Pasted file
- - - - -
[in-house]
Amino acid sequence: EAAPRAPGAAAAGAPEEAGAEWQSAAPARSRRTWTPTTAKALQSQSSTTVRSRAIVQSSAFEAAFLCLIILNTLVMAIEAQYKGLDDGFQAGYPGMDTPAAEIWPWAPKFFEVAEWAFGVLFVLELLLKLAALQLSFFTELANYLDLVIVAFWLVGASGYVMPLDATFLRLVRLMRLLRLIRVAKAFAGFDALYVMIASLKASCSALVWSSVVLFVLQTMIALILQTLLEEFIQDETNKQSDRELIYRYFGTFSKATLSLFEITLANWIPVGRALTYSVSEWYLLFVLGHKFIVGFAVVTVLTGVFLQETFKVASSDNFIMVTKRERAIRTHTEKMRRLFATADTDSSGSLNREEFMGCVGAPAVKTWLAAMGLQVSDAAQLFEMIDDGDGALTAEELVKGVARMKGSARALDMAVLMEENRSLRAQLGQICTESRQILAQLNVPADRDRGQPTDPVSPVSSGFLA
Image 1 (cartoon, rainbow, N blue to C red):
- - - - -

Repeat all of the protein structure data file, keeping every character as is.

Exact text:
[in-house]
Amino acid sequence: EAAPRAPGAAAAGAPEEAGAEWQSAAPARSRRTWTPTTAKALQSQSSTTVRSRAIVQSSAFEAAFLCLIILNTLVMAIEAQYKGLDDGFQAGYPGMDTPAAEIWPWAPKFFEVAEWAFGVLFVLELLLKLAALQLSFFTELANYLDLVIVAFWLVGASGYVMPLDATFLRLVRLMRLLRLIRVAKAFAGFDALYVMIASLKASCSALVWSSVVLFVLQTMIALILQTLLEEFIQDETNKQSDRELIYRYFGTFSKATLSLFEITLANWIPVGRALTYSVSEWYLLFVLGHKFIVGFAVVTVLTGVFLQETFKVASSDNFIMVTKRERAIRTHTEKMRRLFATADTDSSGSLNREEFMGCVGAPAVKTWLAAMGLQVSDAAQLFEMIDDGDGALTAEELVKGVARMKGSARALDMAVLMEENRSLRAQLGQICTESRQILAQLNVPADRDRGQPTDPVSPVSSGFLA
Image 1 (cartoon, rainbow, N blue to C red):